“We’re working to stabilize our people through a travel trailer program, where we already have nearly 100 travel trailers full and more on the way,” he said.

By Tuesday, Smith, 60, had spent four days at Jenny Wiley, making her and her adult son relative newcomers. Since her home collapsed, she spent time with relatives and one night in a car wash.

Her vehicle was destroyed by floodwaters. She was hoping a friend would take her to the courthouse to obtain documents requested by FEMA. Her decision isn’t final but she’d like to return to the land she owns — though she knows she won’t find much there.

“We lost everything,” Smith said.

For Bailey’s family, some normalcy returns Wednesday, when his three children start a new school year. A school bus will pick them up and drop them off at the park, he’s been told.

Asked if he’d like to rebuild on the place he owns, Bailey’s thoughts turned to his 16-year-old son.

“He won’t even go back right now to even look at it,” Bailey said.

He’s not sure where they might move, though he mentioned West Virginia as a possibility. But he won’t do anything without thinking about what the weather might do.

“I definitely want out of the flood zone,” he said.

Floodwaters wrecked Bailey’s home, shifting it at the foundation and leaving the floors looking like “a roller coaster.” When he checked around 4:30 a.m. on the fateful morning, the nearby creek was within its banks, he said. By 7:10 a.m., the water was up to his ankles. About 20 minutes later, it reached his stomach.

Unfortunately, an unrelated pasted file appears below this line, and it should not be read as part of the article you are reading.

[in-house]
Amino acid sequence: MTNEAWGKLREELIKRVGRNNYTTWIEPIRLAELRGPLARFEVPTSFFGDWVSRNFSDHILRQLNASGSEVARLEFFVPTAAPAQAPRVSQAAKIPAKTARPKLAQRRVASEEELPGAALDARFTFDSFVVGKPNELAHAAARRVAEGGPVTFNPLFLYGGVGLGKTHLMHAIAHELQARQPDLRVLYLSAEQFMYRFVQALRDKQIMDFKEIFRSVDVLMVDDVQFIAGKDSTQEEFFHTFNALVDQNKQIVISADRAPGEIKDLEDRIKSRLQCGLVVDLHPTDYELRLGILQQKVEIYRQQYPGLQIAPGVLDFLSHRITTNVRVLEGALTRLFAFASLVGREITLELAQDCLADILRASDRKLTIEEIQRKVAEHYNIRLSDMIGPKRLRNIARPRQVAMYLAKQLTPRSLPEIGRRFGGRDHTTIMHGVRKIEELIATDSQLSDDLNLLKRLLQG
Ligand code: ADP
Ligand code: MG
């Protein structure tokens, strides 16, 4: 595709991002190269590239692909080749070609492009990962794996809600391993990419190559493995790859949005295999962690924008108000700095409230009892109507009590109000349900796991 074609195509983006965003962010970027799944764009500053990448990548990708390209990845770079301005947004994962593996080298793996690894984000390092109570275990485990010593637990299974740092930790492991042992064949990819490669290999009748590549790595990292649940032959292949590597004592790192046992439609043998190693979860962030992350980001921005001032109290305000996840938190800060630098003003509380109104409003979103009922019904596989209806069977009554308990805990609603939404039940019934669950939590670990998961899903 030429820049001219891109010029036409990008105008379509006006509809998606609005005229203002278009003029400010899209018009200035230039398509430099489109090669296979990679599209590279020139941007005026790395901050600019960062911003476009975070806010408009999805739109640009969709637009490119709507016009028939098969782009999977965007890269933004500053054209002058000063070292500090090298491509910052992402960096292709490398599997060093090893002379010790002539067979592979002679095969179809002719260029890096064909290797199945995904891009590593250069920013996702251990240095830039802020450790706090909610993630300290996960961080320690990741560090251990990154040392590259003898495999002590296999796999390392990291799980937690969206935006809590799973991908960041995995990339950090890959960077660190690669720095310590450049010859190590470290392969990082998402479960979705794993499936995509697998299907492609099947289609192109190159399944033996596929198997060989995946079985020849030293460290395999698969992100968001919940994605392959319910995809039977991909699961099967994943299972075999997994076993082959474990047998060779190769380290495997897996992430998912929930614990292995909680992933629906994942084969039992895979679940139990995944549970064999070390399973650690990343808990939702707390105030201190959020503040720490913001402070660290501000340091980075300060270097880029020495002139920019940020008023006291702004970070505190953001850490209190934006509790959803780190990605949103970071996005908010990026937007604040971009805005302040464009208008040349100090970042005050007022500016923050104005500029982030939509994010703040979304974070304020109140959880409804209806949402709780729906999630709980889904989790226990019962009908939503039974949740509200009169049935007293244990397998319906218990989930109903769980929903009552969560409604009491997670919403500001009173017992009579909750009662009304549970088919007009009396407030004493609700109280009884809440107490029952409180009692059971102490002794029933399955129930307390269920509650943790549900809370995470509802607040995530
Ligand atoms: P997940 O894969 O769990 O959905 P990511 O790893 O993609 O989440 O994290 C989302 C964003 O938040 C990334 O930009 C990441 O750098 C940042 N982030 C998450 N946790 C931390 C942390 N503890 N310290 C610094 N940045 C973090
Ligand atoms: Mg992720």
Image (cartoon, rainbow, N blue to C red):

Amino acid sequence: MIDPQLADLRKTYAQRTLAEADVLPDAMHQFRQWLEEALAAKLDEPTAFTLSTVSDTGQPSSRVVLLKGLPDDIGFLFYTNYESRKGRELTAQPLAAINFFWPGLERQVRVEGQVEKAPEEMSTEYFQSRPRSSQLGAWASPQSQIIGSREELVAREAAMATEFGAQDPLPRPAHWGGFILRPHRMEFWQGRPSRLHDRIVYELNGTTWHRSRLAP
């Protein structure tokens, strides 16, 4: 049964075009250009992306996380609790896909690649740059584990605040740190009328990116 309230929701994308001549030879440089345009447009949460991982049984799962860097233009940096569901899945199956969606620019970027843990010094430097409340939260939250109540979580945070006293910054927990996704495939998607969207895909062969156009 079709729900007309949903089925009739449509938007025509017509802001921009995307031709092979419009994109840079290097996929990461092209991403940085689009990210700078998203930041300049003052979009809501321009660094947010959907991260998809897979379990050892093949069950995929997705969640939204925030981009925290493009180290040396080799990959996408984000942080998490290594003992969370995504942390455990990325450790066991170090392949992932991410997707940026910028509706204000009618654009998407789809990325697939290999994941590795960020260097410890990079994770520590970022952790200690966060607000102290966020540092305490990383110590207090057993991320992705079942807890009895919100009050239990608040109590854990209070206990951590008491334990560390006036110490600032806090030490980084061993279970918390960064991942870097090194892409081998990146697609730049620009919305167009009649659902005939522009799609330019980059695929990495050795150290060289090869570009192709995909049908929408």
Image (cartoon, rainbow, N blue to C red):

Bailey, his girlfriend, her sister and his children made a run for it. They’ve been living at the park ever since.

Bailey said he’s awaiting a decision from FEMA on his request for aid. His family has a “little bit” in savings to fall back on, he said, but “it’s going quick.” Bailey said he used to work in the oil and gas fields but is now disabled.

Greathouse, 54, has no intention of returning to live at her rental trailer. During the deluge, she said, she was rescued by men who attached a chain to her vehicle and pulled it out of the surging floodwaters with their truck.

Unable to get back home, she said she spent several nights sleeping in her car until a church pointed her to Jenny Wiley. She’s been there about three weeks.

Greathouse’s husband is getting out of the hospital Thursday after being treated for a hernia, she said. They’re awaiting approval for FEMA aid, but once that happens they’re planning to move to the Daytona, Florida, area. She has family there, she said.

“Start a new journey and get out of here,” said the lifelong Kentuckian. “There’s nothing really here to offer any of us.”

Reflecting further on the thought, she softened at the notion of cutting ties to her home state.

“I’ll always come home,” she said.

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One month later, Kentucky flood evacuees weigh cloudy future